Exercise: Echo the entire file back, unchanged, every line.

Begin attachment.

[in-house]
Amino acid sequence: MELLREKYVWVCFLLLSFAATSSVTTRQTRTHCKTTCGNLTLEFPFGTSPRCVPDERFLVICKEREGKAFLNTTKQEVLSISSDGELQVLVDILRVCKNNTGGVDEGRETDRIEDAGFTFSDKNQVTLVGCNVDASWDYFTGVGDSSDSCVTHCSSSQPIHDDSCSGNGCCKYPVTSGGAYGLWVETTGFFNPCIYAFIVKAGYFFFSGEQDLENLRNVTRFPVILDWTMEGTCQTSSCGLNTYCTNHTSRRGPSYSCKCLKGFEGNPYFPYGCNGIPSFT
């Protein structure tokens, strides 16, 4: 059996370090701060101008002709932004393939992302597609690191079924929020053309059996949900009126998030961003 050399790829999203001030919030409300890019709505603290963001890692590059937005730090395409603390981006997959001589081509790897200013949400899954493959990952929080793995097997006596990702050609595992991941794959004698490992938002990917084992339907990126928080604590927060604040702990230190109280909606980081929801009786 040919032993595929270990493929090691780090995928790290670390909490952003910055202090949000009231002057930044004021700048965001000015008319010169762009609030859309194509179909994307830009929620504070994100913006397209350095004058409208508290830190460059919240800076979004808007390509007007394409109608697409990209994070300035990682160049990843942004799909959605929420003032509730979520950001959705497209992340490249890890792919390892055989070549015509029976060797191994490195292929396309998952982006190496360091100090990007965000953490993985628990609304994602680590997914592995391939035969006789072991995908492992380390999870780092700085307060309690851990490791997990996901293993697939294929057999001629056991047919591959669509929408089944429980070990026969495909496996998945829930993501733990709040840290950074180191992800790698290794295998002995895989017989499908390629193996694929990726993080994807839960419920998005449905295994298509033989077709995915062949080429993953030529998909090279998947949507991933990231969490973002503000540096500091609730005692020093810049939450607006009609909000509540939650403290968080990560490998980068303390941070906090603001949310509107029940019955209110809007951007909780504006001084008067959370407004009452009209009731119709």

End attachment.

[in-house]
Amino acid sequence: MELLREKYVWVCFLLLSFAATSSVTTRQTRTHCKTTCGNLTLEFPFGTSPRCVPDERFLVICKEREGKAFLNTTKQEVLSISSDGELQVLVDILRVCKNNTGGVDEGRETDRIEDAGFTFSDKNQVTLVGCNVDASWDYFTGVGDSSDSCVTHCSSSQPIHDDSCSGNGCCKYPVTSGGAYGLWVETTGFFNPCIYAFIVKAGYFFFSGEQDLENLRNVTRFPVILDWTMEGTCQTSSCGLNTYCTNHTSRRGPSYSCKCLKGFEGNPYFPYGCNGIPSFT
């Protein structure tokens, strides 16, 4: 059996370090701060101008002709932004393939992302597609690191079924929020053309059996949900009126998030961003 050399790829999203001030919030409300890019709505603290963001890692590059937005730090395409603390981006997959001589081509790897200013949400899954493959990952929080793995097997006596990702050609595992991941794959004698490992938002990917084992339907990126928080604590927060604040702990230190109280909606980081929801009786 040919032993595929270990493929090691780090995928790290670390909490952003910055202090949000009231002057930044004021700048965001000015008319010169762009609030859309194509179909994307830009929620504070994100913006397209350095004058409208508290830190460059919240800076979004808007390509007007394409109608697409990209994070300035990682160049990843942004799909959605929420003032509730979520950001959705497209992340490249890890792919390892055989070549015509029976060797191994490195292929396309998952982006190496360091100090990007965000953490993985628990609304994602680590997914592995391939035969006789072991995908492992380390999870780092700085307060309690851990490791997990996901293993697939294929057999001629056991047919591959669509929408089944429980070990026969495909496996998945829930993501733990709040840290950074180191992800790698290794295998002995895989017989499908390629193996694929990726993080994807839960419920998005449905295994298509033989077709995915062949080429993953030529998909090279998947949507991933990231969490973002503000540096500091609730005692020093810049939450607006009609909000509540939650403290968080990560490998980068303390941070906090603001949310509107029940019955209110809007951007909780504006001084008067959370407004009452009209009731119709």